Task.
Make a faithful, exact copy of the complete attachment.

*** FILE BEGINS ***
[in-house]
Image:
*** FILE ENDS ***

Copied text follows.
[in-house]
Image: